Aerobic Respiration – The Process of Breaking down of Glucose

0
168
Profile of a relaxed woman breathing fresh air in a green forest

Aerobic respiration is the process of breaking down glucose. Glucose molecules are broken down by means of a series of biochemical transformations, whereby energy in the form of adenosine triphosphate (ATP) and water (H2O) is released.

Glucose consists of six carbon atoms, 12 hydrogen atoms, and six oxygen atoms. It is a type of sugar that is used as an important source of energy in cells. When it enters a cell, glucose will break down to produce pyruvic acid through glycolysis, anaerobic respiration or fermentation depending on various factors including temperature and cellular environment. 

The main reason why glucose cannot be used as a sole source of energy is that hydrogen atoms are lost in the course of its breakdown.

Do you know which of these equations describes aerobic cellular respiration? If not, Check out here!

Adenosine triphosphate (ATP) is a high-energy molecule that is found in cells. It consists of three phosphate groups and is released during respiration. Carbohydrates break down to produce pyruvic acid, which, through enzymatic reactions, is converted into ATP. 

The breakdown has produced the amount of ATP equivalent to about 100 calories (for example: for 1 gm glucose, the equivalent energy will be produced as 100 kcal).

Here some points are discussed about Aerobic Respiration-

1. Anaerobic respiration is an energy.

It is the producing process in which glucose is converted into lactic acid, producing only 2 molecules of ATP per molecule of glucose. In aerobic respiration, oxygen is essential for the conversion of glucose into carbon dioxide and water, thus producing 38 to 40 molecules of ATP per molecule of glucose. 

When oxygen is present, pyruvic acid produced by glycolysis enters the mitochondrion (cell organelle) after passing through the cell membrane and combines with coenzyme A, a compound containing high energy phosphate group(s). Thus, the compound is converted into a molecule of citric acid.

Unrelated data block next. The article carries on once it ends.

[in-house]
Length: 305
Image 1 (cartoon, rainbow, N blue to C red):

Citric acid is then broken down into two molecules of carbon dioxide, two molecules of water, and two molecules of ATP. Two more phosphate groups are then released from the ATP molecule. The total energy produced by this procedure is 38 to 40 times that obtained from anaerobic respiration (the amount of energy obtained per gram of glucose.)

2. Aerobic respiration occurs in both eukaryotic and prokaryotic cells.

Glucose is simply a molecule of sugar which can be converted into several other simpler molecules, such as lactate, pyruvic acid, and acetyl CoA. The chemical reactions of glycolysis are carried out by an enzyme called hexokinase. 

In eukaryotic cells, glucose is converted to pyruvate at the expense of oxygen with the release of energy in the form of adenosine triphosphate(ATP) and the production of carbon dioxide and water.

In prokaryotic cells, pyruvate is then broken down by a series of reactions to form lactic acid and acetyl coenzyme A (acetyl-CoA). Acetyl-CoA can be further oxidized to produce more energy or enter into the citric acid cycle.

3. Glycolysis is a possible energy source for cells.

It does not require oxygen for processing. Cells that are in an environment with little oxygen or in tissues with oxygen-poor blood often switch from aerobic respiration to glycolysis. In the process, glucose is broken down into pyruvate and produces ATP through anaerobic respiration. 

Pyruvate is then able to pass through a membrane and enters the mitochondrion where aerobic respiration takes place. The major products of glycolysis are pyruvic acid, carbon dioxide, and water.

4. Glycolysis and the citric acid cycle complement each other.

Glycolysis occurs in the cytoplasm of a cell, whereas the citric acid cycle occurs in the mitochondria of a cell. The two processes occur in tandem with one another and use some enzymes from each other. 

Glycolysis cannot produce acetyl-CoA, but it can be converted into acetyl-CoA within a cell by mitochondrial enzymes. In the reverse process, some of the intermediates produced during glycolysis are transported through the mitochondrial membrane to react with Coenzyme A to produce carbon dioxide, water and ATP through oxidative phosphorylation.

5. Glycolysis occurs in the cytoplasm of a cell.

Glycolysis is an anaerobic process that takes place in the cytoplasm of a cell, whereas aerobic respiration (the citric acid cycle) takes place in the mitochondria to produce ATP through oxidative phosphorylation. The two processes occur in tandem with one another and use some enzymes from each other. 

Glycolysis cannot produce acetyl-CoA, but it can be converted into acetyl-CoA within a cell by mitochondrial enzymes. In the reverse process, some of the intermediates produced during glycolysis are transported through the mitochondrial membrane to react with Coenzyme A to produce carbon dioxide, water and ATP through oxidative phosphorylation.

LEAVE A REPLY

Please enter your comment!
Please enter your name here